.
    .
    apiVersion: v1
    data:
      config.yaml: |
    kind: ConfigMap
    metadata:
      creationTimestamp: "2019-11-21T13:07:05Z"
      name: cluster-monitoring-config
      namespace: openshift-monitoring
      resourceVersion: "404352"
      selfLink: /api/v1/namespaces/openshift-monitoring/configmaps/cluster-monitoring-config
      uid: d12c796a-0c5f-11ea-9832-063cd735b81c
    .
    .
    .

    In this example, alertmanagerMain and prometheusK8s monitoring components are using the OpenShift Container Storage PVCs.

  4. Delete relevant PVCs. Make sure you delete all the PVCs that are consuming the storage classes.

    $ oc delete -n openshift-monitoring pvc <pvc-name> --wait=true --timeout=5m

5.3. Removing OpenShift Container Platform registry from OpenShift Container Storage

Use this section to clean up OpenShift Container Platform registry from OpenShift Container Storage. If you want to configure an alternative storage, see image registry

The PVCs that are created as a part of configuring OpenShift Container Platform registry are in the openshift-image-registry namespace.

Prerequisites

  • The image registry should have been configured to use an OpenShift Container Storage PVC.

Procedure

  1. Edit the configs.imageregistry.operator.openshift.io object and remove the content in the storage section.

    $ oc edit configs.imageregistry.operator.openshift.io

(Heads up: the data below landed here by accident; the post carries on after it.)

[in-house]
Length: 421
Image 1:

Before editing

    .
    .
    .
    storage:
      pvc:
        claim: registry-cephfs-rwx-pvc
    .
    .
    .

    After editing

    .
    .
    .
    storage:
      emptyDir: {}
    .
    .
    .

    In this example, the PVC is called registry-cephfs-rwx-pvc, which is now safe to delete.

  2. Delete the PVC.

    $ oc delete pvc <pvc-name> -n openshift-image-registry --wait=true --timeout=5m

5.4. Removing the cluster logging operator from OpenShift Container Storage

To clean the cluster logging operator from the OpenShift Container Storage, follow the steps in the procedure.

The PVCs created as a part of configuring cluster logging operator are in the openshift-logging namespace.

Prerequisites

  • The cluster logging instance must be configured to use OpenShift Container Storage PVCs.

Procedure

  1. Remove the ClusterLogging instance in the namespace.

    $ oc delete clusterlogging instance -n openshift-logging --wait=true --timeout=5m

    The PVCs in the openshift-logging namespace are now safe to delete.

  2. Delete PVCs.

    $ oc delete pvc <pvc-name> -n openshift-logging --wait=true --timeout=5m